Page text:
Five scientists from Virginia Tech were named as Fellows of the American Association for the Advancement of Science (AAAS), a high honor of the world’s largest scientific society, according to an announcement this week.
Elected by their peers and representing a broad range of AAAS “sections,” including statistics, neuroscience, engineering, psychology, and geology/geography, the Virginia Tech professors are among 443 newly elected scholars.
The five new Fellows are believed to be the most from Virginia Tech in a single year and are the most additional Fellows from any Virginia university in 2019.
- Ronald Fricker, a statistician and the associate dean for faculty affairs and administration in the College of Science, was named for distinguished contributions to the field of statistics, particularly for advances in biosurveillance, testing, and survey methods with applications to public health and national security.
- Michael Friedlander, a neuroscientist, Virginia Tech’s vice president for health sciences and technology and executive director of the Fralin Biomedical Research Institute at VTC, was named for his outstanding work on developmental plasticity in the visual system and his sustained service to the neuroscience community and neuroscience education.
- Y.A. Liu, an alumni distinguished professor and the Frank C. Vilbrandt Endowed Professor in the Department of Chemical Engineering in the College of Engineering, was named for excellence in design teaching, pioneering textbooks and creative scholarship in sustainable engineering, and global leadership in implementing energy/water savings and CO2 capture.
- Sharon Landesman Ramey, a professor and distinguished research scholar at Fralin Biomedical Research Institute, was named for distinguished contributions to the field of human development, particularly for determining the role of early experience and interventions on later developmental outcomes.
- Shuhai Xiao, a paleobiologist and professor of geosciences with the Virginia Tech College of Science, was named for outstanding contributions to paleobiology and geology of early animals and eukaryotes and for distinguished contributions and service to academe and the earth science community.
“This group of new AAAS Fellows reflects the breadth and depth of multidisciplinary excellence among the faculty at Virginia Tech,” said Cyril Clarke, executive vice president and provost of Virginia Tech. “These distinguished faculty deserve the recognition they will receive through this honor. We are proud to be associated with these extraordinary colleagues who are making new discoveries, creating significant innovations and impacts in their fields, and leading students to academic and professional success.”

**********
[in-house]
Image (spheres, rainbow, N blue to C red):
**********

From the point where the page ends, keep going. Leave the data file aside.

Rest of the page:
The new Fellows will be formally announced in the AAAS News & Notes section of the journal Science on Nov. 29.
The tradition of AAAS Fellows began in 1874. New fellows will each receive an official certificate and a gold-and-blue rosette pin on Feb. 15 at the organization’s annual meeting in Seattle, Washington.
Prior to coming to Virginia Tech as head of the Department of Statistics in 2015, Fricker was a professor in the Operations Research Department at the Naval Postgraduate School in California. Fricker also has served as associate director of the National Security Research Division and a senior statistician at the RAND Corp., where he oversaw a $40 million research portfolio conducted by the National Defense Research Institute, a federally funded research and development center.
He has more than 20 years of statistics experience, including work in both corporate and academic settings, and conducting research on Gulf War illnesses, military recruiting and retention, disease detection and surveillance, and body armor testing.
Fricker is widely recognized for his research in quality control and statistical process control; statistical methods for bio-surveillance, survey design, and analysis; and data analytics and data science.
He is a Fellow of the American Statistical Association (ASA), a former chair of the ASA Section of Statistics in Defense and National Security, and an elected member of the International Statistical Institute.
Earlier this year, Fricker took on a new role as associate dean for faculty affairs and administration for the College of Science. His duties include assisting Dean Sally C. Morton in the recruitment, retention, and development of faculty.
Fricker earned his bachelor’s degree with merit in mathematics from the United States Naval Academy in 1982, his master’s degree in operations research from George Washington University in 1991, and a master’s degree and a doctorate in statistics from Yale University, in, respectively, 1994 and 1997.